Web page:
[3] See, e. g., Arthur Lipper Corp. v. SEC, 547 F.2d 171 (2d Cir. 1977), cert. denied, 434 U.S. 1009, 98 S. Ct. 719, 54 L. Ed. 2d 752 (1978); King v. United States, 545 F.2d 700 (10th Cir. 1976); In re Colorado Corp., 531 F.2d 463 (10th Cir. 1976); Bersch v. Drexel Firestone, Inc., 519 F.2d 974 (2d Cir.), cert. denied sub nom. 423 U.S. 1018, 96 S. Ct. 453, 46 L. Ed. 2d 389 (1975); International Controls Corp. v. Vesco, 490 F.2d 1334 (2d Cir.), cert. denied, 417 U.S. 932, 94 S. Ct. 2644, 41 L. Ed. 2d 236 (1974); IIT v. Cornfeld, 462 F. Supp. 209 (S.D.N.Y.1978); Venture Fund v. Willkie Farr & Gallagher, 418 F. Supp. 550 (S.D.N.Y.1976).

In Arthur Lipper Corp. v. SEC, Judge Friendly remarked, "This petition . . . is the latest chapter in the extensive litigation resulting from the financial debacle of IOS . .." 547 F.2d at 173. See also IIT v. Vencap, Ltd., 519 F.2d 1001, 1003 (2d Cir. 1975) ("[This] action is another product of the troubled existence of [IOS].").

[4] Representatives from the SEC, the governments of Canada, Luxembourg, and the Netherland Antilles, and the provinces of Ontario and Quebec have formed the Intergovernmental Committee of Regulatory Authorities and Liquidators for the purpose of assisting in the winding-up of IOS-related companies throughout the world. Representatives of the French, Swiss and Bahamian governments have also been invited to join the committee, since IOS entities exist in those countries. SEC Memorandum, at 2-3, 10-13. See In re Colorado Corp., 531 F.2d at 466 n.1; Bersch v. Drexel Firestone, Inc., 519 F.2d at 978 n.4.

[5] Another indication of the high regard the New York courts have had for principles of comity can be found in its rejection of the reciprocity requirement. In Hilton v. Guyot, the Supreme Court held that a judgment rendered in the plaintiff's favor in France was prima facie evidence of the validity of his claim. The French judgment was not conclusive, the Court held, because under French law judgments of American courts were reviewable on the merits. 159 U.S. at 227-28, 16 S. Ct. 139. The New York Court of Appeals, in Johnston v. Compagnie Generale Transatlantique, 242 N.Y. 381, 152 N.E. 121 (1926), a case also involving a French judgment, held that it was not bound by Hilton v. Guyot in this respect and extended comity to the French judgment without regard to reciprocity. See generally Restatement (Second) of Conflict of Laws § 98, Comment e (1971).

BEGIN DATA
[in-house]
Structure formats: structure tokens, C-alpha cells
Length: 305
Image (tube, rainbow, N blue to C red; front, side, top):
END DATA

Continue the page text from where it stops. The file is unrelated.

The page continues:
In this action, New York law is controlling on the issue of comity. Clarkson Co. v. Shaheen, 544 F.2d at 629-30; Domingo v. States Marine Lines, 340 F. Supp. 811, 816 n.5 (S.D.N.Y.1972).

[6] IOS has not conceded that Cornfeld is in fact a resident of New York. Reply affid. of Herbert M. Wachtell, sworn to April 23, 1979, at ¶ 7 n. For purposes of this motion, it is assumed that Cornfeld is a New York resident.

[7] Cornfeld also contends that this motion should be denied because the "only creditors who have been successful in their claims against IOS have been those who have been able to attach property of IOS." Affid. of Bernard Cornfeld, sworn to Mar. 10, 1979, at ¶ 6. This contention misses the mark. The fact that courts in other countries may have declined to recognize the Canadian liquidation proceeding is not in any way binding on this Court. The considerations in favor of granting comity to the Canadian proceeding, from my point of view, remain the same. In any event, the attachments to which Cornfeld refers were apparently obtained prior to the commencement of the Canadian liquidation proceeding and prior to the appointment of liquidators for IOS. Reply affid. of John H. Meek, sworn to Apr. 19, 1979, at ¶ 7. Section 86 of the Canadian Winding-Up Act provides that "[n]o lien or privilege shall be created . . . upon the real or personal property of the company [being wound-up] if, before payment over to the plaintiff of the moneys actually levied, paid or received under [an] attachment [or] garnishee order . . ., the winding-up of the business of the company has commenced." Hence, there is a clear distinction between Cornfeld's attempted attachment herein and the attachments obtained prior to the commencement of the winding-up of IOS.